Rachel's Notes: April 10, 2008

Last Updated: April 10, 2008

The cherry blossoms are beautiful this time of year in DC. I hope the sun is shining on you today, it is just peaking out now after days of gray clouds.

The Perkins College of Education at Stephen Austin University in Texas hosted a National Summit on Rural Education on March 28. Key national leaders participated by video or in person including Secretary of Education Margaret Spellings, Senator Kay Bailey Hutchison, Senator John Coryn (represented by his staff person Michelle Chin), and Congressman Louis Gohmert.

They all made predictable positive statements about rural schools, supporting more broadband connections, and critical of No Child Left Behind. Gohmert spoke positively about the Safe and Secure Rural Schools Act — that provides funding for districts impacted by national forests. There's a huge national forest in his district, something that may surprise people who have not experienced the enormous diversity of Texas.

I presented material from Why Rural Matters 2007 and our current work on the Rural 800, the poorest rural school districts in America. And I answered lots of questions. The College is interested in continuing an online conversation about issues which you can join by going to www.PerkinsCollegeSummit.net and registering.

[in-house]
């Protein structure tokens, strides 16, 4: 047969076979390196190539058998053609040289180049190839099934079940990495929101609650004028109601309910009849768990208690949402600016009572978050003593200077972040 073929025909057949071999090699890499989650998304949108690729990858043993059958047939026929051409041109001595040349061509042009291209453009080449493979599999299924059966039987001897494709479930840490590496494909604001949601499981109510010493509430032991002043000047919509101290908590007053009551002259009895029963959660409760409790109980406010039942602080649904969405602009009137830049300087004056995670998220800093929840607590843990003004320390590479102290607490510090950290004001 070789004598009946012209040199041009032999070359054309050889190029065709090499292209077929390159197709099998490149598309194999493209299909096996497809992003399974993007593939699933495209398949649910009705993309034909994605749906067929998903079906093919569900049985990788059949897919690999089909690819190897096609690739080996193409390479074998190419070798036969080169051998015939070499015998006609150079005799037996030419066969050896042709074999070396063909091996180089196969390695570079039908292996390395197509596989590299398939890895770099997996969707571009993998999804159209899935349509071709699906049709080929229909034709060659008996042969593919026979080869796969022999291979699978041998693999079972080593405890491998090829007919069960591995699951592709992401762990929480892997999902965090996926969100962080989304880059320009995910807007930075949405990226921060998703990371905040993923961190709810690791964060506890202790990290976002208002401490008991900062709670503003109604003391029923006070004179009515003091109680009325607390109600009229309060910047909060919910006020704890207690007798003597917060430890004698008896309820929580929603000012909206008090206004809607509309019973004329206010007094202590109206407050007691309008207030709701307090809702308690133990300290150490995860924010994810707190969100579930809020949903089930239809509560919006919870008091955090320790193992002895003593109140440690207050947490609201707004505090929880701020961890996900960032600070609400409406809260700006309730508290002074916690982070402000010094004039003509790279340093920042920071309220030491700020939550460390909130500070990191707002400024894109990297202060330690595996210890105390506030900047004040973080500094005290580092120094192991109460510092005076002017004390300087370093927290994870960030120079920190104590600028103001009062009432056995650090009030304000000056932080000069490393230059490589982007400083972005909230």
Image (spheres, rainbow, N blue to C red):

The Center for American Progress, a Washington think tank headed by John Podesta, who was chief of staff in President Clinton’s second term, commissioned a paper on out-of-school learning opportunities in rural places. Roy Forbes, who has a long distinguished career in rural education in the South, developed the paper and made a couple of very important points while doing a few case studies of after-school programs.

The paper has a good discussion of the diversity of rural places in the country, a point we are forever making. But Forbes goes a step further and suggests the creation of a “ruralness” factor to be applied at the state level to determine eligibility for after-school programs. He suggests that numeric points be assigned for these primary characteristics: size of community, proximity to metro area, population density, and local job availability, and for these secondary characteristics: proximity to an interstate, availability of cell phone service, availability of DSL internet service, level of parental education, and ethnicity. While I might quarrel with what are primary and what are secondary characteristics, the idea of an index of rurality that would influence allocation of resources by the federal government to rural schools is one that I think has great merit.

Forbes also points out that Title I funds, often used to support after school learning opportunities, are distributed unfairly. He is particularly concerned about the inequity that comes from using state expenditures to determine federal expenditures. It simply means that wealthy states get more Title I money because they have more tax resources to spend on schools. The paper can be found at www.americanprogress.org.


George Wood of Federal Hocking High School in southeastern Ohio is one of the current crop of great principals of rural high schools. He has joined with national leaders on education to focus attention on the importance of preparing students to be good citizens of a democracy. His blog this week on the assessment system in his high school is a wonderful statement of what accountability ought to be. And, I might add, a hopeful statement about what is possible today. Read the blog at www.forumforeducation.org/blog/index.php.

As always, keep in contact.

Rachel Tompkins